Statistical and computational aspects of aggregating data summaries

Many statistical procedures are based on ideas of the aggregation of information gleaned from summaries of a data set such as subsamples, bootstrap samples or random projections.  Although the bootstrap itself is probably the best known such method, there are many other examples, including bagging [1,2,3] for regression or classification (with random forests [4] as a special case), Stability Selection for variable selection [5,6] and random projection ensemble classification [7].  Intuitively, such procedures allow the statistician to understand the stability of observed effects under perturbations of the original data, and appear to be particularly valuable for complex, high-dimensional data. Even though these methods are typically embarrassingly parallelisable, they may nevertheless be computationally intensive.

This project will explore when and why methods such as these can be expected to succeed. The analysis will combine both statistical perspectives and the inherent computational trade-offs. It is hoped that the analysis will suggest other statistical challenges where the aggregation of data summaries can prove an effective tool.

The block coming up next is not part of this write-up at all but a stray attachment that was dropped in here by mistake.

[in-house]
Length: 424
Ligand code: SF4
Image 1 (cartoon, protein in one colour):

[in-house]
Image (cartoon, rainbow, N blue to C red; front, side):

• [1] Brieman, L. (1996) Bagging predictors. Mach. Learn., 24, 123–140.
  • [2] Hall, P. and Samworth, R. J. (2005) Properties of bagged nearest neighbour classifiers. J. Roy Statist. Soc. Ser. B, 67, 363–379.
  • [3] Samworth, R. J. (2012) Optimal weighted nearest neighbour classifiers. Ann. Statist., 40, 2733–2763.
  • [4] Breiman, L. (2001) Random forests. Mach. Learn., 45, 5–32.
  • [5] Meinshausen, N. and Buehlmann, P. (2010) Stability selection (with discussion). J. Roy. Statist. Soc. Ser. B, 72, 417–473.
  • [6] Shah, R. D. and Samworth, R. J. (2013) Variable selection with error control: another look at stability selection. J. Roy. Statist. Soc. Ser. B, 75, 55-80.
  • [7] Cannings, T. I. and Samworth, R. J. (2015) Random projection ensemble classification. Available at

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